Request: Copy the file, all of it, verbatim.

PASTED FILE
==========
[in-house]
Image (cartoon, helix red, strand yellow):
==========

[in-house]
Image (cartoon, helix red, strand yellow):